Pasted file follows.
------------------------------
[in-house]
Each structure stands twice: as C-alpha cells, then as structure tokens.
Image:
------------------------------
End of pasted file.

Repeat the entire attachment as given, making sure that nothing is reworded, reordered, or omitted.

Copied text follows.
[in-house]
Each structure stands twice: as C-alpha cells, then as structure tokens.
Image: